The FlatIron building became such a famous subject for photographers because of its striking appearance, its historic significance as an early skyscraper, and the fact that its erection coincided with a vast expansion of the photographic medium itself. Literally every famous photographer who ever visited New York over the past hundred years has contributed to its legend as a subject. Not to mention the millions of unknown photographers like myself who has tried to contribute to the "canon." One of the best photography books that I have ever read is actually totally devoted to just this fascination with the building. The author, Peter Kreitler,  realized that pictures of just this one building in New York could illustrate a good portion of the entire history of photography as an art. The constancy of the structure stands in absolute contrast with everything else - the fashions, the transportation devices, the storefronts - that the building becomes both historical and ahistorical. At least in the New York context, it has always been there. Recently the building and the neighborhood have seen hard times, but now it is in the process of being converted from offices to forty condos. When asked if he could sell these high-priced condos, the developer said that there were probably at least forty people who wanted to live in the Flatiron Building.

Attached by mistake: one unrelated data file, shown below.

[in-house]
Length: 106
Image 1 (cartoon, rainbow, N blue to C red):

FLATIRON WITH LAMP POST

So what is the enterprising photographer to do? There are 3,987 photos of the Flatiron building available on the Shutterstock stock photo web site! I think there is the real measure of maturity in the knowledge that one should at least try, even though the chances of saying something new is next to zero. The fun is in the process, the willingness to stretch your own boundaries even if others have probably already gone way beyond your own. The more context you include the better chance that your image will be of a particular time and place - although only you might only remember that particular era of taxi. The chances of encountering a particular weather condition after a century is also exceedingly rare, and even your "FlatIron in a Blizzard" will probably not be enlivened by snorting horses in the cold. The more abstract an image you pursue might lead a viewer to wonder what he was looking at, but that historical "Flatiron Memory" will probably help you with most New Yorker's if not the the tourists.

                                                                                A LAMP POST  THAT MIGHT BE AS OLD AS THE BUILDING

These four images were among my photographic efforts on one St. Patrick's Day in 2011. They probably will not be included in any future photographic opus on the building, but after finding them in my archives today, and doing a little massaging in Lightroom, I can show them to others without questioning my artistic talents.